Ruth Mills – Aspergers

Ruth Mills – Aspergers

I had whooping cough at age 3, which my mum said affected my personality; I was noticeably more “cantankerous” and temperamental after recovering from the whooping cough.

I did have behavioural problems In primary school, and saw an educational psychologist; at that time, there was no mention of autism or Aspergers, but I was diagnosed as a bright child (in the top 2% of the population academically), and subsequently went to “Explorers” classes run by the NAGC (National Association for Gifted Children) on Saturday mornings. I do remember that I did find a lot of primary school rather dull and not challenging or engaging enough though; on reflection, a lot of the behavioural problems I had were probably caused by boredom and not being stimulated academically enough.

Secondary school was very different;  I had a much greater enjoyment of my time at secondary school compared with primary school. I consistently found the work much more enjoyable than primary school, and was usually towards the top of the class in most subjects. I did have a lot more problems with being bullied at secondary school though, especially in the first two years, where I was singled out for being rather strange and eccentric, and had the mickey taken out of me for being mis-coordinated in games lessons. From the third year onwards, I joined an electronics club that was run by a lab technician in one of the physics labs – which benefitted me greatly – both in terms of being away from the bullies during the lunch break – and in terms of getting to learn something which interested me greatly (technology such as computers and electronics has always been one of my “obsessions”).  My favourite subjects in school were a mixture of science/technology subjects (particularly chemistry, which I went on to study at university), and music and art (which are both other “obsessions” of mine too).

In terms of being understood, I usually had a very good relationship with the teaching staff, as I was bright and nearly always well-behaved in lessons. Although I was a “primary target” for the bullies, I did have a few close friends that I got on really well with. I think I was reasonably well supported by the teaching staff, although, again, at that time, I had not yet been diagnosed with Aspergers or Autism, but was just considered to be a bright pupil who was a bit eccentric.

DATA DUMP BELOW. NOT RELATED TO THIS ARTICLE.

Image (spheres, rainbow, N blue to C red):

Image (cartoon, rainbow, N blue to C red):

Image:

I would actually say that my condition stood in my favour in terms of my ability to achieve, particularly in those subjects that I especially enjoyed; but I nearly always had a high level of enthusiasm for all the subjects that I studied (I guess the one area that I had real problems in was team sports, which I just didn’t seem to “get” – thankfully I had opportunities to excel in other areas in PE though, such as trampolining, which I especially enjoyed).

I do think that my Aspergers was key to the route I took through education; I always had an interest in science, especially chemistry. During my third year of school, my grandmother died; she lived around 200 miles away from where we did at the time (we were up on the Wirral, she was down in Weston-super-Mare), so we were down there for nearly a month sorting her affairs out – in term time. We stayed at my uncle’s house; my uncle having a large collection of books, including several on chemistry, which I read obsessively while I was there, which boosted my enthusiasm for chemistry even further. Later on, during the sixth form, one of my favourite books was actually the 1959 British Pharmaceutical Codex, which I used to read just before bedtime, which had the molecular structures and chemical formulae for lots of different drugs and medicines.

 

One thing I remember vividly was my organic chemistry interview at St John’s College in Oxford, where I drew the molecular structure of cocaine, which I’d remembered from one of my uncle’s chemistry books. Surprisingly, I found the work at university very heavy going compared with school;  I found it very hard to adjust to the change in teaching styles; at school, things were generally explained in great detail, whereas at university, there was a lot that I had to go and find out myself from books; I also found it difficult going from being top of the class to just very average. A major effect of both of these factors was that I had a lot less enthusiasm for my course than I imagined that I would have done.